We interview Rebecca Belochi, a young French researcher from Paris, who works with us at Our New Economy for a couple month already on a very promising alternative to basic income: participation income. Can this new proposal gather the same unanimous support that currently benefits basic income?
What is participation income? Is it something similar to basic income?
The basic underlying principle is the same, the idea that individuals are entitled to receive a monetary compensation from the State that enables them to live decently. However, the rationales driving this belief differ for basic income and participation income. In the case of basic income, monetary compensation is linked to individuals’ right to freedom, there is no guarantee what individuals will accomplish with the money they receive or if they will participate more actively in the community. This concern has been voiced by many: “If I work hard, pay my taxes and support a basic income system, why do others just get money for free?” Academics have defined this issue as the Malibu Surfer Problem. It depicts a situation where individuals receiving state benefits just decide to go live in a nice place and surf all day at the beach at the costs of the community.
Participation income is the solution to this issue, it is driven by the principle academics name “reciprocity” which recognizes the need for individuals that receive support from the State to do something in return.
What is “participation” exactly then? Sounds like work…
Not exactly, participation in that sense is meant as a broad definition of a contribution to society which does not have to entail a monetary transaction. Hence, participation can be defined as care work for seniors or children of the community, many other forms of volunteering and charity work, as well as the pursuit of activities that are considered a vector of future beneficial contributions to society such as studying for instance. The nice think with participation income is that is it flexible and malleable: it would be possible to first include a small defined set of activities and progressively increase the range of recognized participative actions.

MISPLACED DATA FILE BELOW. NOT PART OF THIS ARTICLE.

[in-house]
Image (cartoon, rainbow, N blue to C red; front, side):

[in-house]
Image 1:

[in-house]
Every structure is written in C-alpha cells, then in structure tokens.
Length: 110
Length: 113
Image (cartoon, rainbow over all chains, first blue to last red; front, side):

Why would we need such a system in the Netherlands? Don’t we already have a pretty extensive social safety net?
That’s true, but it remains very much organized around paid work. We need to structurally re-think the way we organize life in society. There are so many individuals’ whose contribution to the community come through the form of volunteering or other ways that are not monetized and thus also not recognized. We need to broaden our definition of what work actually means and its place in society. In that way, participation income is not only a solution to problems we have now, but also a way to plan ahead for the future. It can become a key component of how we organize a new economy.
Why is this so important according to you?
I believe we are currently at an important crosspoint regarding our social policies and support systems. I come out of France, where we the gilets jaune still protest every Saturday due to the precarious situation of many, even though they work. In other countries, we can see similar concerns rise: social policies and the role of the welfare state keeps on decreasing and people are worried. Additionally, with the increased used of automation, robotization, and artificial intelligence, these issues will only increase in the future. Right now, many see technological progress as a threat, which is a huge mistake.We need to make sure that the future holds promises for everyone and not only a highly-educated elite. This, I believe, implies we need to open our minds to new options such as “a post-work society”: a world where traditional labour market participation does not represent all of societal focus.
Where does the idea actually come from? What is the story behind it?